Like programmers in general, open source developers generally ignore documentation. Although the importance of documentation is often stressed in recent years, few projects make technical writers part of the development team, or take the time to ensure that documentation is complete before a release. Even in projects that pay attention to documentation, such as LibreOffice, technical writers often work in a sub-project that has limited interaction with developers and is frequently a release or two behind the software.
3. Security Depends on Settings, Not Just the Operating System
Users like to boast that Linux is more secure than Windows. And it is true that, like most UNIX-like systems, Linux is built for security, mainly because it was designed as a multi-user system.
However, whether recent versions of Windows are as insecure as earlier ones is uncertain — although, from long habit, Windows users do tend to have unsecure habits, such as running administrator accounts all the time.
But, more to the point, distributions can relax security. Today’s average distribution is almost certainly more relaxed than those of 1999, which often did not even allow regular accounts to auto mount external devices.
Moreover, if you want to see just how wide open a Unix-like system can be, take a look at the average Android phone or tablet’s default settings. You can secure them, but the process takes hours, and requires that they be rooted if you want to do a thorough job. Yet many Linux users continue to call such self-evident facts FUD (Fear, Uncertainty, and Doubt, or misinformation).
2. Open Source Meritocracy is Broken
Open Source prides itself on being a meritocracy that judges people entirely on what they do. That is a fine aspiration, and once or twice I have even seen it apparently being realized.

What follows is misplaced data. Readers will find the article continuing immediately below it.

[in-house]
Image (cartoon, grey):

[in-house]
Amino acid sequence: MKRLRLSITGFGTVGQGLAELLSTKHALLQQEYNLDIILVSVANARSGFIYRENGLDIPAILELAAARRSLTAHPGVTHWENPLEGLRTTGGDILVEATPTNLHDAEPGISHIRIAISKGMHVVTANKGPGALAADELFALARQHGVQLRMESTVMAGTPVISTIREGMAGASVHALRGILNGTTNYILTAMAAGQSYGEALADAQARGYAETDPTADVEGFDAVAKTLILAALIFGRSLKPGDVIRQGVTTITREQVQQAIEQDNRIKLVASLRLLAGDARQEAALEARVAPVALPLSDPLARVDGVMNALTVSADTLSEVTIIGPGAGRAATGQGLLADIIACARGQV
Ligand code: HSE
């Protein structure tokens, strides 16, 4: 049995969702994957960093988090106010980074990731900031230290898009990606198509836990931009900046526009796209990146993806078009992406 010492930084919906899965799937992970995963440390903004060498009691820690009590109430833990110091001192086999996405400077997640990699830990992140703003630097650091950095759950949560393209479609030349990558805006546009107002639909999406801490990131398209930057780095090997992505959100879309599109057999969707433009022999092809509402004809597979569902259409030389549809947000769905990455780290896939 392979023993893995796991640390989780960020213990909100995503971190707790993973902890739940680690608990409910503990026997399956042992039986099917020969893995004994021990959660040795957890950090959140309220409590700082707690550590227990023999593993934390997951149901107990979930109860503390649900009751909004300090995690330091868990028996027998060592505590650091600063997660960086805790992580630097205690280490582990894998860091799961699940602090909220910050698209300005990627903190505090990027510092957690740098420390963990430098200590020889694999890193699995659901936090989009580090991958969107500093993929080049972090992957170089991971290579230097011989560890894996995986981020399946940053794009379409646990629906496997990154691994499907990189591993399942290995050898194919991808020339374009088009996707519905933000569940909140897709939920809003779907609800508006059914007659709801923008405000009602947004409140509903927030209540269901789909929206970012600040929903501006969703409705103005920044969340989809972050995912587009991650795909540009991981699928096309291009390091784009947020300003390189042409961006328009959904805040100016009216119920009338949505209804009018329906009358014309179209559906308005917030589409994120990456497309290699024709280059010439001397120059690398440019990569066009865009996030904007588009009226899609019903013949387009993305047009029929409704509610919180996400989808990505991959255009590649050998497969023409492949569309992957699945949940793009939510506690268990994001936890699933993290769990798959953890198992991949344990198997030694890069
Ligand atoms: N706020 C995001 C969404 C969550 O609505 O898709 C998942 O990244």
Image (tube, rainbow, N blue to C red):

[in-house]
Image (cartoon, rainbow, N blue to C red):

However, like any ideal, the concept of meritocracy can be used to conceal the exact same behaviors it is supposed to prevent, such as favoritism, bias, or centralization of power. After all, if a person is supposed to owe their influence solely to their accomplishments and contributions, they can easily claim to be unaffected by other motivations.
1. Diversity Is Inevitable.
Ever since LinuxChix was founded in 1999, open source has been known to be infected by systematic sexism, with a low rate of participation by women. In 2006, the FLOSSpols surveys suggested that open source consisted of less than 2% women, far less than in proprietary developments. More recently, the number of women involved in open source appears to be slowly increasing, with dozens of groups such as Outreachy working to improve their number.
This obvious fact has been explained away as a matter of choice, or of women’s alleged lack of interest in computing science. Eric S. Raymond has blamed expressions of concern as an effort by so-called Social Justice Warriors or SJWs to undermine the perfect meritocracy of open source, but this explanation only provides evidence that the bias is institutional, rather than personal.
The fact is, the composition of open source projects is changing. They are no longer the preserve of white men, and this trend is only likely to continue.
Up the Nile to Sudan
Some of these assertions are likely to produce heated denials. However, all of them should be self-evident to anyone who takes the trouble to look around and observe what is happening. You may or may not approve of all of them, but they are real regardless.
The only real question is: When is open source going to accept them?